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Date: Sun, 20 Jul 2003 20:34:02 -0400
Subject: [WW] Record job losses for Black workers

Record job losses for Black workers

By Monica Moorehead, Workers World, 24 July 2003

The overall unemployment rate in the U.S. is hovering around 6.4 percent'the highest since 1994. This figure is based on those who are still looking for work. The rate doesn't include hundreds of thousands of workers who have become so discouraged that they have stopped looking for a job altogether.

Over the past 28 months nearly 2.6 million jobs have been eliminated. Ninety percent of these lost jobs were based in the manufacturing sector.

This is a nightmare for the working class as a whole. But for African American workers in particular, the impact is even more devastating because of the historical legacy of discrimination'being the last hired, first fired.

The July 11 Bureau of Labor Statistics revealed that the unemployment rate for Black workers is rising at a much faster rate than at any other time since the mid-1970s. As a result, the rate for Black workers aged 20 and older has risen 3.5 percentage points'to 10.5 percent'compared to a 1.7 percentage point increase for white workers.

In 2000, 2.1 million Black workers held 10.1 percent of the 20 million manufacturing jobs in the U.S. The great majority of these jobs were landed during the economic boom of the 1990s.

Once the capitalist recession hit hard in March 2001, 15 percent of these 2.1 million jobs'or 300,000'were eliminated. More white workers lost jobs'1.7 million'but because they are much more numerous than Black workers, the percentage of whites who lost work was less.

Over a decade ago, the deepest concentration of manufacturing jobs for Black workers was in the Northeast and Mid west. According to the National Assoc iation of Manufacturers, today every state has lost manufacturing jobs as corporations pull up stakes and move factories to smaller towns and cities here and abroad where profits can be made by lowering wages and downsizing benefits. This is what is commonly referred to as “lowering labor costs.”

Autoliv, a Swedish-owned company that makes seat belts, recently shut down a plant in Indianapolis. Some 350 workers lost their jobs, 75 percent of them African American. Many of these workers never graduated from high school. With the loss of these jobs, they face the real prospect of committing crimes for survival that could eventually lead them to prison or even worse.

An important related factor is that the official June unemployment rate for those between the ages of 16 and 19 years old was 19.3 percent'and the Black teenager unemployment rate was among the fastest rising. (New York Times, July 14)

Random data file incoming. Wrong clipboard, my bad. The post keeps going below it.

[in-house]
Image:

UNITE, the Union of Needletrades, Industrial and Textile Employees, has made available data illustrating that the disproportionately large job losses for African Americans are not confined to those recently hired but affect workers who have been on the job for 20, 30 or more years. Textile mills that have been the economic mainstays of cities and towns in the South have shut down and set up sweat shops in Asia. This includes the loss of 1,000 jobs in Roanoke Rapids, N.C.; 1,500 in Martinsville, Va.; and 1,000 in Columbus, Ga. Factory closings not only mean lost wages and benefits but diminished pensions and tax revenues.

Bill Lucy, president of the Coalition of Black Trade Unionists, stated, “The number of jobs and the types of jobs that have been lost have severely diminished the standing of many Blacks in the middle class.” (New York Times, July 12) By “middle class,” he means workers with steady jobs.

A random poll taken by the Joint Center for Political and Economic Studies asked 850 Black workers if they felt financially better off, worse off or about the same. When the poll was taken in October 2000, 45 percent said they were better off, 10 percent worse off and 44 percent said their situation had not changed. But exactly two years later, the numbers had dramatically changed to 19 percent, 42.6 percent and 36.7 percent, respectively.

Economic analysts love to tell workers to be patient and optimistic because the recovery is right around the corner. But a growing number of workers are not buying into this nonsense as they witness how the rich are getting richer with the assistance of the Bush tax breaks and the unimaginably large war budget.

And in periods of capitalist boom or bust, there is no denying that workers, regardless of their nationality, sex, gender, sexuality or age, are exploited for their ability to work by their bosses and the ruling class as a whole. There is no denying that capitalism, a system that feeds off profits at the expense of workers' needs, can never create full employment.

African American workers are not only exploited as workers. They are super-exploited by a racist system that relies heavily on institutionalized racism based on the false premise of white supremacy.

Under a divide-and-conquer system like the capitalist U.S., white workers must extend a hand of anti-racist solidarity to Black workers and all the oppressed in order to build the multinational unity needed to win the right of all workers to a decent-paying job and full benefits.